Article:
Malcolm X Mecca Unisex T-Shirt

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Malcolm X Mecca Unisex T-Shirt

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Finally, a way to show your respect for some of the greatest icons, legends and pioneers that paved the way past and present. Rock this gear in style and bring back the moments that made you, memories they gave you and/or lessons they taught you. Scroll down for a history lesson with some of our favorite clips.

Welcome to the Respect Due family Malcolm X! We salute you.

Features:

  • 4.2 oz., 100% airlume combed and ringspun cotton
  • retail fit
  • unisex sizing
  • shoulder taping
  • side-seamed
  • pre-shrunk
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Malcolm X – Make It Plain (Full PBS Documentary)

 

El-Hajj Malik El-Shabazz (Arabicٱلْحَاجّ مَالِك ٱلشَّبَازّ‎, romanizedal-Ḥājj Mālik ash-Shabāzz, May 19, 1925 – February 21, 1965), better known as Malcolm X, was an American Muslim minister and human rights activist who was a popular figure during the civil rights movement. He is best known for his advocacy for the rights of blacks, in which he controversially indicted white America in the harshest terms for the crimes it committed against black Americans; he was accused of preaching racism and violence. He has since been called one of the greatest and most influential African Americans in history.

Born Malcolm Little in Omaha, Nebraska, he spent his teenage years living in a series of foster homes following his father’s death and his mother’s hospitalization. Little engaged in several illicit activities, and was eventually sentenced to ten years in prison in 1946 for larceny and breaking and entering. In prison, he joined the Nation of Islam (NOI) and changed his name to Malcolm X because, he later wrote, Little was the name that “the white slavemaster … had imposed upon [his] paternal forebears”. After being paroled in 1952, he quickly became one of the organization’s most influential leaders.

During the civil rights movement, Malcolm X served as the public face of the controversial group for a dozen years, where he advocated for black empowerment, the separation of black and white Americans, and rejected the notion of the civil rights movement for its emphasis on racial integration. He also expressed pride in some of the social achievements he made with the Nation, particularly its free drug rehabilitation program. In the 1950s, Malcolm X endured surveillance from the Federal Bureau of Investigation (FBI) for the Nation’s supposed links to Communism.

In the 1960s, Malcolm X began to grow disillusioned with the Nation of Islam, and in particular, with its leader Elijah Muhammad. Expressing many regrets about his time with them, which he had come to regard as largely wasted, he instead embraced Sunni Islam. Malcolm X then began to advocate for racial integration and disavowed racism after completing Hajj, whereby he also became known as el-Hajj Malik el-Shabazz. After a brief period of travel across Africa, he publicly renounced the NOI, and founded Muslim Mosque, Inc. (MMI) and the Organization of Afro-American Unity (OAAU), Islamic and Pan-African organizations.

Throughout 1964, his conflict with the NOI intensified, and on February 21, 1965, he was assassinated by three of its members. Since his death, Malcolm has become a widely celebrated figure within the African American and Muslim American communities. Malcolm X Day is celebrated in various cities and countries worldwide, and hundreds of streets and schools in the U.S. are named in his honor.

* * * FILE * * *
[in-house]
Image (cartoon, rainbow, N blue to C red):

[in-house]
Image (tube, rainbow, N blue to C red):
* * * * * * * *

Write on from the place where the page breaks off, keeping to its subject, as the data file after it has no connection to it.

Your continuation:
Famous Malcolm X speech “Any means necessary”

Malcolm Little was born May 19, 1925, in Omaha, Nebraska, the fourth of seven children of Grenada-born Louise Helen Little (née Norton) and Georgia-born Earl Little. Earl was an outspoken Baptist lay speaker, and he and Louise were admirers of Pan-African activist Marcus Garvey. Earl was a local leader of the Universal Negro Improvement Association (UNIA) and Louise served as secretary and “branch reporter”, sending news of local UNIA activities to Negro World; they inculcated self-reliance and black pride in their children. Malcolm X later said that white violence killed four of his father’s brothers.

Because of Ku Klux Klan threats‍—‌Earl’s UNIA activities were said to be “spreading trouble”—‌the family relocated in 1926 to Milwaukee, Wisconsin, and shortly thereafter to Lansing, Michigan. There the family was frequently harassed by the Black Legion, a white racist group Earl accused of burning their family home in 1929.

When Malcolm was six, his father died in what has been officially ruled a streetcar accident, though his mother Louise believed Earl had been murdered by the Black Legion. Rumors that white racists were responsible for his father’s death were widely circulated and were very disturbing to Malcolm X as a child. As an adult, he expressed conflicting beliefs on the question. After a dispute with creditors, Louise received a life insurance benefit (nominally $1,000‍—‌about $17,000 in 2019 dollars) in payments of $18 per month; the issuer of another, larger policy refused to pay, claiming her husband Earl had committed suicide. To make ends meet Louise rented out part of her garden, and her sons hunted game.

In 1937 a man Louise had been dating‍—‌marriage had seemed a possibility‍—‌vanished from her life when she became pregnant with his child. In late 1938 she had a nervous breakdown and was committed to Kalamazoo State Hospital. The children were separated and sent to foster homes. Malcolm and his siblings secured her release 24 years later.

Malcolm Little excelled in junior high school but dropped out after a white teacher told him that practicing law, his aspiration at the time, was “no realistic goal for a nigger”. Later Malcolm X recalled feeling that the white world offered no place for a career-oriented black man, regardless of talent.

From age 14 to 21, Little held a variety of jobs while living with his half-sister Ella Little-Collins in Roxbury, a largely African-American neighborhood of Boston.